Alva Jane has never questioned her parents, never questioned her faith, never questioned her future. She is content with the strict rules that define her life in Pineridge, the walled community where she lives with her father, his seven wives, and her twenty-eight siblings. This is the only world Alva has ever known, and she has never thought to challenge it.
But everything changes when Alva is caught giving her long-time crush an innocent first kiss. Beaten, scorned, and now facing a forced marriage to a violent, fifty-year old man, Alva suddenly realizes how much she has to lose--and how impossible it will be to escape.
“Alva Jane, meet me behind the barn before dark, I have something important to tell you.…”
I CLOSED MY EYES AT THE MEMORY OF JOSEPH JOHN’S face, flushed with excitement as he whispered those words to me—the words that changed my life forever. Beside the barn washed white by the sun, Joseph John had taken my hand and said the words I had been waiting to hear. His father had agreed to our marriage; he planned to speak to my father and the prophet that very evening.
I knew I shouldn’t do it, that it was wrong, but I felt a rush of such excitement and joy that I couldn’t help it: I kissed him quickly, my lips brushing lightly over his, feeling their softness and searching as he leaned in to me. And then came Sister Cora’s voice and a rough hand on my collar. I lost my balance and fell headlong into the nightmare I am living now.
One kiss brought me here, locked in this pitch-black root cellar beneath the barn. I shivered; the evening temperature always drops in the desert. I heard the scurrying of rats overhead and moved away from the corner where I had been crouching. I was unable to lean or lie down, my legs felt stiff, my knees raw. I could feel the welts on my legs and back oozing blood. The sacred undergarments beneath my cotton dress stuck to the open wounds; each movement brought a stinging pain.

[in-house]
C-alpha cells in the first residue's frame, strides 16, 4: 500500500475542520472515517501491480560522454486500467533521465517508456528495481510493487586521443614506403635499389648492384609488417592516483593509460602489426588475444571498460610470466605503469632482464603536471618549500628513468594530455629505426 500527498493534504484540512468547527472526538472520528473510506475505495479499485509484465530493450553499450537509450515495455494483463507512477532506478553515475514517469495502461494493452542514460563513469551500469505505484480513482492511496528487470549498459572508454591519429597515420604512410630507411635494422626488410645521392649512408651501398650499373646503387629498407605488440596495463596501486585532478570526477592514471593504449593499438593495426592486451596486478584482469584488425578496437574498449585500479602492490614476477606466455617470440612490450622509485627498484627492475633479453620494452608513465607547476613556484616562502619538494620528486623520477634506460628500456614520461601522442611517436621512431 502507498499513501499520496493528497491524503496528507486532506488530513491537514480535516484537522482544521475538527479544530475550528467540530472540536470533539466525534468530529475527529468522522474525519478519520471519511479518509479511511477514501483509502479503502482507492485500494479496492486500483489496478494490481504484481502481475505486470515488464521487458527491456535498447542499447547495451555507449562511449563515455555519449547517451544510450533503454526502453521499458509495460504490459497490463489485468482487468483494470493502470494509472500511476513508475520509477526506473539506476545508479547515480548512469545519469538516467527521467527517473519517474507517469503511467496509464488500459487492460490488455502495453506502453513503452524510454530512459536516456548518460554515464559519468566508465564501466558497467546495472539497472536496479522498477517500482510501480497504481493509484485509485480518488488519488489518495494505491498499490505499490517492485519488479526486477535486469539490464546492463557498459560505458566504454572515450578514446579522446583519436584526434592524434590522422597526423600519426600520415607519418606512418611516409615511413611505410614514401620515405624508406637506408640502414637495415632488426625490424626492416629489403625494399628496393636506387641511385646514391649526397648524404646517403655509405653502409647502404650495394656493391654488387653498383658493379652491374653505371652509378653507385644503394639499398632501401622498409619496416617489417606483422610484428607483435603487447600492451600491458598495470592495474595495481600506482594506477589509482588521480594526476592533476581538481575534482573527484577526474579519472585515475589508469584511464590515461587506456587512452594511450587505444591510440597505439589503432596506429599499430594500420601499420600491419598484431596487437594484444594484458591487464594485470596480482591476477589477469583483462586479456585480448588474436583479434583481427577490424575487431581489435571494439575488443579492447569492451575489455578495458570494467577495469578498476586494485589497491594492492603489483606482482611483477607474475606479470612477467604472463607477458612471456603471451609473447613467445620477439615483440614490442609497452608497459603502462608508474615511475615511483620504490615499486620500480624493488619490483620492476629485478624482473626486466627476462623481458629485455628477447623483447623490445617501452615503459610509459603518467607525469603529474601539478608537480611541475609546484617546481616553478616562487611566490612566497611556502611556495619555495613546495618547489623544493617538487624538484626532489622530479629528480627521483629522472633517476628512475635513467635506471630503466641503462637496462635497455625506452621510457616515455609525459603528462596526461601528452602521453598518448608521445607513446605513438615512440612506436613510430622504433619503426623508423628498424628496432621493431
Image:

I closed my eyes to block out the vision of Joseph John being forced into Tom Pruitt’s truck, the men pinning his arms behind him. And then my own father, Eldon Ray, in the back stall of the barn, wielding his belt, swinging it overhead and bringing it down upon my back.… My mother holding my wrists in a strong grip, looking at me with eyes shining bright and metallic. Was she suffering with me … or was she satisfied? Whatever she felt, she did nothing to stop my pain, even when I cried out to her.
Somewhere in the midnight silence, I heard the wild, frenzied cries of the coyotes as they closed in on their prey. The insane yipping and howling echoed off the red rocks and desolate plains of the Utah desert. My heart beat faster and the blood rushed to my head. I knew how the prey felt in that terrible moment: trapped, helpless. I lay on my stomach, pressing my face against the cool dirt floor, letting exhaustion take over. I felt something scurry over my leg but I did not bother to shake it off. Perhaps I will sleep and never wake up; perhaps God will deliver me from the life that lies before me … or restore me to the life I knew just a few months earlier.…
Michele Dominguez Greene is the author of Keep Sweet and Chasing the Jaguar. She is active in numerous writing and literacy workshops with inner city kids throughout Southern California, and speaks regularly at conferences around the country. She has published articles in the Los Angeles Times Magazine, Animal Wellness Magazine, and Cuerpo Magazine, and has had a long-standing, successful career as an actress, appearing in television, film, and theater. She lives in Los Angeles.
"Real elements of the FLDS experience add contemporary authenticity. Readers may simply relish the peek over the wall into a lifestyle very different from their own." -- The Bulletin of the Center for Children's Books, April 2010
"Accessible and compelling." –School Library Journal, April 1, 2010